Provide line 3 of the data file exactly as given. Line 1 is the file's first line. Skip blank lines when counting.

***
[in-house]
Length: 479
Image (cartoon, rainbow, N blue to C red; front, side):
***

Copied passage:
Image (cartoon, rainbow, N blue to C red; front, side):